* Battle looms over scope of new benchmark rules
By Huw Jones
LONDON, Nov 4 (Reuters) - European Union lawmakers havepledged rapid approval of a draft EU law to regulate marketbenchmarks such as Libor, though they sparred over howcomprehensive the new regime should be.
Big fines for Barclays and other banks over thepast 18 months for rigging interest rate benchmarks such as theLondon Interbank Offered Rate or Libor, prompted the EuropeanUnion to propose the rules to supervise such indexes for thefirst time.
The draft law proposes that an administrator is appointed tooversee how each major benchmark is compiled, ensuring there isa record of who contributed to it.
Since then regulators have begun studying the foreigncurrency markets for possible manipulation.
"We have seen the scandals from last year with Libor andEuribor and now we have cases of suspected fraud in forex andcommodities," Emilie Turunen, a Danish member of the EuropeanParliament's economic affairs committee said.
"There is a legislatory gap we need to fill," Turunen toldthe committee, meeting in Brussels on Monday.
The parliament has joint say on the law with EU states butis running out of legislative time ahead of elections in Maywith other major financial regulation to approve as well.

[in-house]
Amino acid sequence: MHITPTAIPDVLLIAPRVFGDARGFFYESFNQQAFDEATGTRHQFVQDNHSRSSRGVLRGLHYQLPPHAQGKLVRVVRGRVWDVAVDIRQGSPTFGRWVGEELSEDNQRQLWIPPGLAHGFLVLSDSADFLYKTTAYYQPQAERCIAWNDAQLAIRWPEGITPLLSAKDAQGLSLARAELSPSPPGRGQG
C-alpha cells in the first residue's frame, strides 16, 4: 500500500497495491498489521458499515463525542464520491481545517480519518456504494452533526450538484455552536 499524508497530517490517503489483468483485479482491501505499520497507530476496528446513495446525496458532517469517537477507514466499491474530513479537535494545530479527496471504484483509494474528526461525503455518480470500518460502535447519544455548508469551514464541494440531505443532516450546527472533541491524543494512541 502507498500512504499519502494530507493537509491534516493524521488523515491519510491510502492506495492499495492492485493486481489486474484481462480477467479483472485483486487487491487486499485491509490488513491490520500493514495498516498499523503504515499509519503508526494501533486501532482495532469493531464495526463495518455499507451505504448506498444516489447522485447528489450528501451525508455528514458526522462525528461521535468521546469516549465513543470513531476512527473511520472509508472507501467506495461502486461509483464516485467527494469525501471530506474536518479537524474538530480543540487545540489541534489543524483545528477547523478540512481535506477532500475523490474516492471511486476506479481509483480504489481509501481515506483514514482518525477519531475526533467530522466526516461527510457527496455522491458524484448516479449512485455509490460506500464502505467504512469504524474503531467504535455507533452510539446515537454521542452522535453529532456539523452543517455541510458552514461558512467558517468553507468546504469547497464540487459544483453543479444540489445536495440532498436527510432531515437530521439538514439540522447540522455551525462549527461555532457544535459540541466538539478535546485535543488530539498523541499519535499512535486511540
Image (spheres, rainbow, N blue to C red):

The committee's British Liberal chairwoman, Sharon Bowlessaid the scope of rules was too wide to be practical and shouldbe curbed to focus on top interest rate and commoditybenchmarks, such as those using to price financial products soldon the high street.
"We can start slowly and then accelerate," Bowles told thecommittee.
British Conservative lawmaker Syed Kamall said the Liborscandal should not be used as an excuse for more Europeanregulation than is necessary.
"If we are going to do this as quickly as possible then weneed to focus on a few benchmarks," Kamall added.
But Turunen, whose Socialists & Democrats party is thesecond biggest bloc in parliament, said scope should be broad.
"I think the on-going cases of manipulation in manydifferent areas shows we do need as wide a scope as possiblewhen it comes to different products in different markets,"Turunen said.
Bowles said the aim was for the committee to vote on Jan. 30with a vote in full parliament in March. Parliament andlawmakers will have to agree on a common text to become law.
- Politics & Government
- European Union
- Emilie Turunen